One of the myths connected with the AK is that Kalashnikov “copied” the AK from the German WWII assault rifle known as the Stg.44. At first glance, the external configuration of the AK and the Stg.44 is similar, as is the concept of the automatic weapon firing an intermediate cartridge. Similar barrel outlines, front sights and gas tubes are caused by the utilization of similar gas systems invented long before Schmeisser and Kalashnikov.Other than mere appearance, however, these rifles couldn’t be more different. It is quite probable that Mikhail Kalashnikov knew about the Stg.44, however it is also obvious that the creation of his rifle was guided by other known samples and systems. Kalashnikov’s main achievement (or his team’s, to be exact) was optimum configuration of already known and proven solutions into one uniform working machine that met all the requirements.
Later, the original Kalashnikov design saw several changes. Due to production expense, the milled receiver was ditched in favor of a more economical and lighter stamped one. A muzzle brake compensator was added and the bayonet-knife was redesigned.
The inherent reliability, simplicity of production, and the simplicity of operation saw a huge demand for the new rifle. By the 1950s, the entire 1.5 million-strong Soviet Armed Forces were armed with AKs. After signing the Warsaw Pact that united militaries of all the socialist states in Europe, the need arose to standardize the way combined forces were armed and how they fought.
At the same time, scores of new AK rifles were already being supplied to communist China. Arming the Warsaw Pact allies put a strain on the Soviet firearm industry, so the decision was made to start licensing other countries to build their own AK rifles. This move would ultimately provide the necessary relief to increase domestic production and grow the import of AKs to the USSR “friendlies” around the world.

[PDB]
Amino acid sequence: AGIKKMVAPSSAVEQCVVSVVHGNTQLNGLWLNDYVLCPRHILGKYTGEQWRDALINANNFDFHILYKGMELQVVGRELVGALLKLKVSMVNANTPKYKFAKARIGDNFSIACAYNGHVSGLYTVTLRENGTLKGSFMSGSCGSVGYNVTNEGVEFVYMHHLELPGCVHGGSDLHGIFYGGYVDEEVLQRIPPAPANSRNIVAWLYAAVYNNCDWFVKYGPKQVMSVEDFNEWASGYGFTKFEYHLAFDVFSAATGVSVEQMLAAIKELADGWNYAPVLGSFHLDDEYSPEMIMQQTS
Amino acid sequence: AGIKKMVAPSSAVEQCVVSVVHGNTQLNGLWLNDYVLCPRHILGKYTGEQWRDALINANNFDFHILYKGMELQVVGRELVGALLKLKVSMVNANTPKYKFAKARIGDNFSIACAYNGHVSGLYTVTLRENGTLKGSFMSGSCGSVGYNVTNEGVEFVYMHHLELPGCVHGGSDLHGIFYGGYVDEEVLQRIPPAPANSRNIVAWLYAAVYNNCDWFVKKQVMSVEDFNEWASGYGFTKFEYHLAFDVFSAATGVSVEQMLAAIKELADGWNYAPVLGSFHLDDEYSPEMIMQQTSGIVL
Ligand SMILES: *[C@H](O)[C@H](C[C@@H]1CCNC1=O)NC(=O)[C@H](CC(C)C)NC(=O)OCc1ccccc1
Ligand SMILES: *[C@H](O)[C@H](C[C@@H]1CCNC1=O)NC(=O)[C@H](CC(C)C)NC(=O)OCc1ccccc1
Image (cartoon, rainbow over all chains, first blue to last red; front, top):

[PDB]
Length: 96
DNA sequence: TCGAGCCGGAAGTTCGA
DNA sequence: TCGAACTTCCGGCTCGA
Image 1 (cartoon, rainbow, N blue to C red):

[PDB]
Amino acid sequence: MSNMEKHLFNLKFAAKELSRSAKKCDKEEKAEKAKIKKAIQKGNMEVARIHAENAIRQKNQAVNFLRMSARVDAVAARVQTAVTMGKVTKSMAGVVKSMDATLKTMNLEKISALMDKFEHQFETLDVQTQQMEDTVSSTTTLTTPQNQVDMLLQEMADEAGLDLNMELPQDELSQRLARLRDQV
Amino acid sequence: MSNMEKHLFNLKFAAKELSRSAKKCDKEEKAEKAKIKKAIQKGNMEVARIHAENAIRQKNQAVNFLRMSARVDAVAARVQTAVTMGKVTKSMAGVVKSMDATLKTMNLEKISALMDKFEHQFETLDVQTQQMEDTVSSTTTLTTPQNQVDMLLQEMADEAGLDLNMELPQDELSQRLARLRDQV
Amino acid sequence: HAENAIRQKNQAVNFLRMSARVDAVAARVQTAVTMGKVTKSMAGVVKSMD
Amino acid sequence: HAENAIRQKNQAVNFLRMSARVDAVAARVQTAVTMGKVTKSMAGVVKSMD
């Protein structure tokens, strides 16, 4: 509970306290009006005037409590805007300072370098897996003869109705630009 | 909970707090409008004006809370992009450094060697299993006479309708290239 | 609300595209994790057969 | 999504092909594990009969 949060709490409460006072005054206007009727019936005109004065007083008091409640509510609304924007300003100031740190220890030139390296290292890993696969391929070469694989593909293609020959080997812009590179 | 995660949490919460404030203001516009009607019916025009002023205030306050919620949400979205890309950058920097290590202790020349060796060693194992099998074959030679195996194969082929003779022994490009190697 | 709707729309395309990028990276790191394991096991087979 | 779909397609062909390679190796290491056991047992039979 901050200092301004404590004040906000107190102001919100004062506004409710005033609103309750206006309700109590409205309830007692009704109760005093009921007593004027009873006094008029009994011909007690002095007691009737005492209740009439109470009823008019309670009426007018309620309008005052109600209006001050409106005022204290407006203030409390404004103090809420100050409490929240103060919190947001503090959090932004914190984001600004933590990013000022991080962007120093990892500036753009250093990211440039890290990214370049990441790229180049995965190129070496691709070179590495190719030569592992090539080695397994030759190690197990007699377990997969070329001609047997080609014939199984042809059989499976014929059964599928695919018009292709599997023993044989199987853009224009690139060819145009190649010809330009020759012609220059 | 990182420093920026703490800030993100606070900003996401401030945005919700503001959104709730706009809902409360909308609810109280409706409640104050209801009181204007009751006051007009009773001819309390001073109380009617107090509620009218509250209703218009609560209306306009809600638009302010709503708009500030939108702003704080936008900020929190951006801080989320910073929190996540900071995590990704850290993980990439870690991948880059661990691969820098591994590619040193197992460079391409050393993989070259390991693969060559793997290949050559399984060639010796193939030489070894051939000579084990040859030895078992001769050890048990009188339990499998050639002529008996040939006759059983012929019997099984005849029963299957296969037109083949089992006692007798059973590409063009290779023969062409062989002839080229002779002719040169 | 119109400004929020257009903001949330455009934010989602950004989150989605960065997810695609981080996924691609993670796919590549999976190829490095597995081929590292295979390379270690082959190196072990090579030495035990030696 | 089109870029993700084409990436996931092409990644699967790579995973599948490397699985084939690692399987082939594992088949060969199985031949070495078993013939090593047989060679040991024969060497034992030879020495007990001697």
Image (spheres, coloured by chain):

Proliferation of the AK throughout the world was done both ways: in the form of the ready weapon, and in the form of licenses to manufacture with all necessary documentation, tooling, and technical assistance.
AKs were manufactured in Bulgaria, Hungary, East Germany, Egypt, Iraq, China, Romania, North Korea, India, Finland, and Cuba. Even greater numbers were simply “given” to numerous other countries, basically anyone who would, even in passing, mention sympathy to the Marxist-Leninist ideology. The post-Soviet Union era saw the continuation of those licensing practices, with factories built in Venezuela, Libya, and Malaysia.
The spread of this iconic weapon is so wide that it is almost impossible to imagine an armed conflict today without an AK playing first fiddle in it. The rifle had seen service in every conflict in every theatre, from Korea to the present. Every so-called revolutionary group in South America, every anti-colonial movement in Africa in the 60s and 70s, every anti-west organization in the Middle East in the 80s, every Balkan conflict in the 90s, Iraq, Afghanistan, Al-Qaida, and ISIS, all are forever associated with AK rifles.
Many countries’ armed forces use the Kalashnikov rifle or one of its variants as their main battle rifle. In fact, more men and women in uniform carry AKs today than any other rifle, bar none. No other rifle even comes close.
Kalashnikov’s rifle has, to some extent, served as an example for design and development of such systems as Valmet (Finland), INSAS (India), Galil (Israel) and the SIG SG-550 (Switzerland). Commercial semi-automatic variants of the AK rifle enjoy considerable popularity in Russia and abroad, especially here in the US.
A truly prolific weapon, the AK in one form or another has been and continues to be sold by the millions. It is estimated that over 70 million rifles have been produced and sold worldwide.
This article is an excerpt from the Gun Digest Shooter's Guide to AKs.